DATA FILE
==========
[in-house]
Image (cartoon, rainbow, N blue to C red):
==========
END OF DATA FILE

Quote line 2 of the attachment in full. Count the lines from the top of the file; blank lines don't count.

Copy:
Image (cartoon, rainbow, N blue to C red):